- Karen National Union
The Karen National Union (Burmese: ကရင် အမျိုးသား အစည်းအရုံး; abbreviated KNU) is a political organisation with an armed wing, the Karen National Liberation Army (KNLA) that represents the Karen people of Burma. It operates in Eastern Burma, and has underground networks in other areas of Burma where Karen people live. In Karen, this Karen area is called Kawthoolei. Some of the Karen, led primarily by the Karen National Union (KNU), have waged a war against the central government since early 1949. The aim of the KNU at first was independence. Since 1976 the armed group has called for a federal system rather than an independent Karen State.
The United Kingdom representative of the organization is Nant Bwa Bwa Phan.
The KNU was dominated for three decades by its longtime leader Bo Mya, who was president from 1976-2000. The KNU was for many years able to fund its activities by controlling black market trade across the border with Thailand, and through local taxation. After the failed 8888 Uprising of the Burmese people in 1988, the Burmese military government turned to China for help in consolidating its power. Various economic concessions were offered to China in exchange for weapons. The Burmese Army was massively expanded and began to offer deals to groups fighting the government. The groups were offered the choice of cooperating with the military junta or being destroyed.
The KNU's effectiveness was severely diminished after the fall of its headquarters at Manerplaw, near the Thai border, in 1995.
Also in 1994, a group of Buddhist soldiers in the KNLA, citing discrimination by the KNU's overwhelmingly Christian leadership against the Buddhist Karen majority, broke away and established the Democratic Karen Buddhist Army (DKBA). They were led by a monk widely thought to be an agent of the Burmese dictatorship. The DKBA quickly agreed to a ceasefire with the Burmese army and was granted business concessions at the expense of their former KNU overlords. The KNU and DKBA have since been in regular fighting, with the DKBA actively supported by the Burmese army.
Since then, the KNU and KNLA have continued to fight the Burma state military (Tatmadaw) by forming guerrilla units and basing themselves in temporary jungle camps on the Thai-Burmese border. Following its principle of no surrender, the KNU continues despite a precarious state of existence. Nonetheless, their fight continues to garner the sympathy of people around the world since the KNU has been fighting for the Karen people, one of the many ethnic nationalities of Burma that are experiencing ethnic cleansing under the military regime's Four Cuts campaigns (Pyat Lay Pyat), a strategy where intelligence, finances, food and recruits are eliminated through a scorched-earth policy.
Several attempts have been made to conclude a form of peace with Burma's military junta, the State Peace and Development Council (SPDC), but with little success. The 2004 peace talks yielded only an informal ceasefire which the regime used to reinforce their frontline troops. Analysts realized this was a ruse, and sure enough, offensives against KNU held areas have resumed in earnest.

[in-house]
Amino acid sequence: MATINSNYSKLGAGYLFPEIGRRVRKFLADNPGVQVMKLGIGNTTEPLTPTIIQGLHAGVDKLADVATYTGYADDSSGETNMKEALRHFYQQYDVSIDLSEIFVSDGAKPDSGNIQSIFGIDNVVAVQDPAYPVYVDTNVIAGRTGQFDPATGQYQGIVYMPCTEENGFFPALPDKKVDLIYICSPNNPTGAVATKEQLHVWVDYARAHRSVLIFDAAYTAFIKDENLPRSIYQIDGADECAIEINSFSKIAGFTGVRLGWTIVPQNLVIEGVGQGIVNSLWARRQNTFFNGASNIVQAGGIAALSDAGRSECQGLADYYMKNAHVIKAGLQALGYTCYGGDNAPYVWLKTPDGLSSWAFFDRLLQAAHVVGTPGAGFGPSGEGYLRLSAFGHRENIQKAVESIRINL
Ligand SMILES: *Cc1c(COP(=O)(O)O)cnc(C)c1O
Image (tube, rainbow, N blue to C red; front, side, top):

KNU 9th congress held in September 1974
KNU 11th congress.
KNU 12th congress.
The 13th KNU congress was held from 12 to 16 December.
The 14th KNU congress was held from 6 to 20 Oct. It was held on KNU-controlled territory
On 2 November 2010, the Karen National Union became members of an alliance which includes: the Karen National Union (KNU), Karenni National Progressive Party (KNPP), Chin National Front (CNF), Kachin Independence Organisation (KIO), New Mon State Party (NMSP) and the Shan State Army North (SSA-N). 
- ^ Radnofsky, Louise (2008-02-14). "Burmese rebel leader shot dead". London: www.guardian.co.uk. http://www.guardian.co.uk/world/2008/feb/14/burma. Retrieved 2008-02-14.
- ^ "Burmese rebel leader is shot dead". BBC News. 2008-02-14. http://news.bbc.co.uk/2/hi/asia-pacific/7244684.stm. Retrieved 2008-03-08.
- ^ Radnofsky, Louise (2008-02-14). "Burmese rebel leader shot dead". The Guardian (London). http://www.guardian.co.uk/world/2008/feb/14/burma. Retrieved 2008-03-08.
- ^ Burma's Longest War: Anatomy of the Karen Conflict
- ^ Karenwomen
- ^ 1970’s Struggle for Identity
- ^ a b Interview with Padoh Mahn Sha Lah Phan
- ^ a b KNU holds its 14th congress
- ^ The Times March 24, 2009 Burma: world's longest war nears its end
- ^ KNU Headquarters Overrun: Now What?
- ^ Armed ethnic groups denied vote form historic alliance
- Armed-groups: KNU
- Karen National Union
- Revolution Reviewed: The Karens' Struggle for Right to Self-determination and Hope for the Future Saw Kapi, February 26, 2006, retrieved on 2006-11-30
- Fifty Years of Struggle: A Review of the Fight for the Karen People's Autonomy (abridged) Ba Saw Khin, 1998 (revised 2005), Retrieved on 2006-11-30
- Determined Resistance: An Interview with Gen. Bo Mya The Irrawaddy, October 2003, Retrieved on 2006-11-30
- Karen Heritage Karen History and Culture Preservation Society
- Karen National Union Homepage
- Karen Martyrs' Day Marked by Calls for Unity Saw Yan Naing, The Irrawaddy, August 13, 2008
- Remembering our heroes and rethinking the revolution Saw Kapi, Mizzima, August 13, 2008
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